Rubor, Dolor, Calor, Tumor
Blog Address: http://blogs.medscape.com/rdct
November 3, 2014

Demi-Buttock

We all bring biases to the table. When I was a kid if my chores were not done to the satisfaction of my fathe he referred to the work as 'half-assed'. It has since been my goal to be full-assed in all my work. While I will argue that there are no such thing as 'strong', 'big gun', or 'powerful' antibiotics, I do think there are half-assed antibiotics.

The patient has a femoral pseudoaneurysm from injection drug use that ruptures. It happens. I am reminded of one of my fellow interns (not me, really) who could not get blood out of an IVDA and the patient grabbed the syringe from him and stuck her femoral vein to get the sample. Boy did he get chewed out for that.

The aneurysm is repaired and is grossly infected in the OR. The patient is put on vancomycin and piperacillin/...

Posted By: Mark Crislip  

October 27, 2014

Journey or Destination

They say it is the journey that is important, not the destination. I suppose that is true if you are Steve Perry. Both are important in medicine. How you get to the diagnosis can be as interesting as the final diagnosis, but there is little in life as satisfying as coming up with an unusual diagnosis and being proven right. Most of the time the unusual di...

Posted By: Mark Crislip  

October 24, 2014

Lots of Back Pain

Back pain is not a large part of my practice. Except.

There is, of course, the IVDA who presents with fevers and severe back pain. I had a pair of these this week. Both had MRI's that showed discitis with the adjacent end plates involved. It is always infection with that pattern on MRI, probably one of only four things...

Posted By: Mark Crislip  

October 22, 2014

Look. But Do Not Touch.

When I was a medical student in the early 80's (1980's, BTW. I'm not that old) a dermatologist at my medical school enthusiastically encouraged us to touch rashes.

Feel them, she should say, get a sense of them. You can learn a lot by how a rash feels.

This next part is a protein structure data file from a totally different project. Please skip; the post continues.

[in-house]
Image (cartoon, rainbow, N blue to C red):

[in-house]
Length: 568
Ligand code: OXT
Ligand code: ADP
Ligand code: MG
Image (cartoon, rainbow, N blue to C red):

She was evidently not trained in ID and this was long before we worried about blood and body fluid exposures.

Fast forwa...

Posted By: Mark Crislip  

October 20, 2014

Mazel tov

Thanks to technology I get to know the names of bacteria more often.

The patient has known bicuspid aortic valve and comes in with fevers and night sweats followed by progressive shortness of breath. All his blood cultures are positive, the ECHO shows a vegetation and after stabilization for a few days of antibiotics his valve is replaced.

Everything, including the vegetation, ...

Posted By: Mark Crislip  

October 17, 2014

What's Going On?

The patient is an elderly female who, as part of a unilateral deafness evaluation, had syphilis serology. It was kind of positive: 2 plus FTA but a negative RPR.

History you ask?

One lifetime male partner, serology negative.

Has had but one infection in her life and has never, to her knowledge, had a course of antibiotics.

5 children, all healthy.

She is ...

Posted By: Mark Crislip  

October 15, 2014

Ebola-Smacked

There is a British term gobsmacked. I am adding a new term to the lexicon: Ebola-smacked. You will see why. Since getting back from ID Week I have been spending a lot of time preparing for a potential Ebola case. I think that it is unlikely that we will see a case of Ebola here in Portland, the backwaters of the Pacific Northwest, since the...

Posted By: Mark Crislip  

October 6, 2014

Budget of Dumb Asses. 2014 Edition.

I am off to ID Week, to sit in a cold room in Philadelphia while my betters read me PowerPoint slides. I can’t wait. Last time I was in Philadelphia I was disappointed with the cheese steaks. Perhaps this time I will be more fortunate. Since I will be preoccupied with learnin’ and not seeing patients, I will have no clinical material to write about, so instead I give you, slightly ...

Posted By: Mark Crislip  

October 3, 2014